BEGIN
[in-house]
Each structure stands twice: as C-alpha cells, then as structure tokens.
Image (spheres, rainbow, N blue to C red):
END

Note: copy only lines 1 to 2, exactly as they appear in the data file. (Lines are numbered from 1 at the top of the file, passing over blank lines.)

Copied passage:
[in-house]
Each structure stands twice: as C-alpha cells, then as structure tokens.